Encased, like bugs in amber,
the lilac buds are suspended
in glass cocoons;
hoarfrost spikes the sign posts
as the plows dump three feet
of packed powder
where our driveway meets the road;
spring snow is heart attack season,
or so my wife says, handing me my gloves;
it’s what got Gary last year, and Paul,
and my grandfather in back in ’94;
she stands, framed in the window,
our newborn daughter
suckling at her breast; she smiles
like a patron at the nickel slots
or virtual crap tables
knowing that each role of the bones
brings the machine closer to its payout;
she knows the numbers of the term life policy
we purchased through my work,
understands the details
of our supplemental plans, for death
and dismemberment; she knows,
and still she watches from the window,
her breath fogging the panes,
mouthing the words, as I plunge
my shovel into the heavy pack,
don’t die on me, now.
The red paint is peeling
from the hardwood planks of the deck out back;
while the acorns clack and clatter off the roof,
the gutters, and the second-hand patio furniture
we bought last spring.
My wife watches me pour the rest of last-year’s stain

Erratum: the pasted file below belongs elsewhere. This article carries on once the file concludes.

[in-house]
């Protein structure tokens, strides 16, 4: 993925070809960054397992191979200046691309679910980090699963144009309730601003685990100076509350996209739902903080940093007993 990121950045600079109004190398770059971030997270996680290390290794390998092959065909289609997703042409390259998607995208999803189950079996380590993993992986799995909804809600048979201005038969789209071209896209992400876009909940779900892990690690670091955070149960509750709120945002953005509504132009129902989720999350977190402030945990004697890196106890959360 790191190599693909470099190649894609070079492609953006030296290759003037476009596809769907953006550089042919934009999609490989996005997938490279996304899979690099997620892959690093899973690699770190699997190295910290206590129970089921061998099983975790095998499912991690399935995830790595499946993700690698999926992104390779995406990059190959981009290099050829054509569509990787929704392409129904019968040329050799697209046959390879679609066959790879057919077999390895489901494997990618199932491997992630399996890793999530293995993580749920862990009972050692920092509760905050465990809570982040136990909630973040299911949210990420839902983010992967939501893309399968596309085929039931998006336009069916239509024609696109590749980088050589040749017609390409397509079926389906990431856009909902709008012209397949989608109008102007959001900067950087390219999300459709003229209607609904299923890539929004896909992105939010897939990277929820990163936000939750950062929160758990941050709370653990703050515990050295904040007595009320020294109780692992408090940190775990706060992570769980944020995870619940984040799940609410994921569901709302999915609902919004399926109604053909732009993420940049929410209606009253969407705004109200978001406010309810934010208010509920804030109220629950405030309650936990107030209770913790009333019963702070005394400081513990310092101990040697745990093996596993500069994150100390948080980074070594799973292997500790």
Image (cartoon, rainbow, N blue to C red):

from its five-gallon bucket into the paint pan,
muttering the words of my uncle
from thirty years ago—
Do it right.
He called it “painting season”
when he removed the swings from the A-frame
joking that “it could use a fresh coat”
while his wife slung rope
through the empty hooks, hanging
bound chickens by their feet.
He honed his blade against a leather strop,
teaching us to “do it right,”
and with a single motion, he set the bodies
to flail, hot blood spattering the posts of the swing set
as Jackson Pollock might have.
Loose heads dropped to the ground, eyes still blinking
each beak working impotently for a final cluck;
we swayed on the rehung swings,
before the blood even had time to dry,
watching the grownups boil, pluck, and gut
the food that would stuff our freezers that fall.
Do it right.
My wife’s voice pulls me back,
as I overpour, slopping the contents of the bucket
on the toe of my shoe;
I look up into the blush of the trees,
the russet orange of the oaks,
the red and yellow sugar maples in full fire.
With too little of the season left,
I shake myself back to the task
of dipping my brush and stroking the red
onto each plank, sealing the dead wood,
saving it from the woes
of one more winter.
Daniel Ruefman’s poetry and prose has appeared widely in periodicals. To date he has authored two collections of poetry and looks forward to the release of his memoir What the Fuzz? Survival Stories of a Minor League Mascot in 2022. He teaches writing at the University of Wisconsin – Stout.